2009/4/30 Bruno Marchal <marc...@ulb.ac.be>:
>> Putnam and Searle use the Rock argument to suggest
>> that computationalism is false: they consider it absurd that any
>> conscious computation supervenes on any physical activity (or
>> equivalently no physical activity, since at one extreme the Rock
>> argument allows that any computation is implemented by the null
>> state).
>
> ?

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If the vibration of atoms in a rock can be mapped onto any
computation, then there is a one to many relationship between a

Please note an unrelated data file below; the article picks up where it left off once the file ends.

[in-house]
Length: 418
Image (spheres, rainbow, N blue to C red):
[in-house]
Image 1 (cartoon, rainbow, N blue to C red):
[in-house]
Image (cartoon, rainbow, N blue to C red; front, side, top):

physical state and a computation. That is, you can't say that the rock
implements one computation but not another. So the rock is a massively
parallel computer implementing every computation. Furthermore, any
subset (in time and space) of the rock is a massively parallel
computer implementing any computation. At the limit, a minimal subset
of the rock, such as a quark existing for one Planck interval,
implements every computation. And why not go one step further and say
that nothingness implements every computation? So you arrive at the
conclusion, computation exists independently of physical activity. Few
people seem satisfied with this conclusion, so they try to argue
either that computationalism is false or else that computationalism is
true and dependent on physical activity and therefore that the
argument is invalid.
--
Stathis Papaioannou
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